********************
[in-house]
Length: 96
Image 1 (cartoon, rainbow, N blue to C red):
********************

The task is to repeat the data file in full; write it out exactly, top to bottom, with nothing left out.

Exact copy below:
[in-house]
Length: 96
Image 1 (cartoon, rainbow, N blue to C red):